I told her which material I was planning to do as I said goodbye and asked, " Will that be all right?", to which she said, "Tell them it's all right". 

(I'm married to Yoda.) 

That's stand-up in a nutshell. There shouldn't be doubt. I'm in control of my stories; I own them. So why apologise for what I tell? 

It's amazing how easy it is to forget the essentials. I've spend a heck of a lot of my life on stage, as an actor, a musician and a comic. I've played nearly every major theatre in the country, and most of the minor ones too. I've even been in a West End musical, which considering my distaste for the idiom is frankly ridiculous - so why do I still frequently feel I shouldn't be there?

To be fair, it's usually only just before I go on. When I'm performing, it suddenly makes sense, and on a good day, I'm at ease; my 24/7 slapstick takes a quick lunch break. So why do I so often forget this?

(Enough of the questions, David.) 

It doesn't help when there's a long day around it. Yesterday's gig was near Liverpool Street, which is very easy to get too. Today's was in Winchester, which was a bit of bit trek. The venue and the club were lovely, but when you've spent most of your day travelling alone (interspersed with endless admin), it's highly unlikely that your ten-minute spot will be comedy gold. 

Still...yesterday I managed to take my wife's advice and it helped. I may make it my mantra, as long as I don't wind up looking conceited.

Wednesday, 6 July 2016

Stepping Out.

The part of yesterday's meditation class I enjoyed the most, surprisingly, was when our teacher sent us into the grounds of the school where the lessons take place, to enjoy a fifteen minute stroll by ourselves. 

He wasn't just playing for time, or getting rid of us so he could update his parking ticket. The purpose of the exercise was to enjoy a moment of mindful walking; taking in our surroundings with awareness, rather than being swept up with the thoughts in our head.

This is something I've been trying to do more of late. I frequently find myself on my way to a gig, already in performance mode, wasting mental energy going over the same racing thoughts until suddenly, I'm at the railway station, wondering where that twenty-five minute walk went. It's disconcerting when you can't remember whether you looked before you crossed the road, or if bought or shoplifted that Cadbury's Twirl. It's much nicer to take in the colour of the flowers or the sweetness of the baby moorhen you pass enroute.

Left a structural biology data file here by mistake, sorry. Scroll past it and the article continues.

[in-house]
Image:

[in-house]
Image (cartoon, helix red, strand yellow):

(Too specific?)

Admittedly, I'm making a similar mistake now, by writing this blog on the train into London, trying to get it finished before I pull into King's Cross. Too much of my time is taken up with deadlines at the moment, with every minute accounted for. This is something I'll try to address, once the beast that is the Edinburgh Fringe has passed. 

Tuesday, 5 July 2016

Mainly A Mostly Comedy Press Release.

One of the many things I did today - there really were many; the amount of deadlines for Edinburgh that are suddenly looming have sent my brain into meltdown - was write to a press release this month's extra Mostly Comedy.

The rush to do this made it a little cut-and-shut, but it still does the job. See below for the document in all its copy-and-paste glory; I'd book tickets on the strength of its beauty alone.

Press Release – 04.07.16

mostly comedy
a monthly comedy and music club, at the sun hotel in hitchin

July sees two installments of Doggett & Ephgrave’s popular monthly Hitchin comedy club Mostly Comedy at The Sun Hotel in so many days. While 21st July’s show with Peep Show’s ISY SUTTIE, QI’s AISLING BEA and TOM GOODLIFFE is officially sold out, there’s a chance to snap up return tickets on the night. However, tickets are still available for the 20th July’s gig, featuring Edinburgh Previews from NISH KUMAR and ALISON THEA-SKOT.

NISH has come a long way since first playing Mostly Comedy back in 2010, having appeared on BBC’s Have I Got News For You, Live at The Apollo and Mock The Week and Dave’s Alan Davies: As Yet Untitled in the past few years alone. 

He took his first full hour to the Edinburgh Festival Fringe in 2012 to excellent reviews; Time Out described him as ‘Massively charming and very witty. A delightful talent’ and The Guardian as ‘a highly polished, subtly innovative stand-up’. The same show, ‘Who is Nish Kumar?’ went on to be nominated for Best Show at the Dave’s Leicester Comedy Festival in 2013. Since then, he’s taken a solo show to Edinburgh each year, culminating in 2015’s ‘Long Word…Long Word…Blah Blah…I’m So Clever’ being nominated for Best Show at the festival’s prestigous Comedy Awards. He hosts BBC Radio 4 Extra’s Newsjack and appears regularly on Josh Widdicombe’s show on XFM.

Following last year's 5-star reviewed character comedy show 'Some Like It Thea-Skot', which was packed to rafters at the Edinburgh Fringe and went on to sell out its Soho Theatre run, ALISON THEA-SKOT hits Hitchin for the first time with an even more electric hour of chaotic character comedy.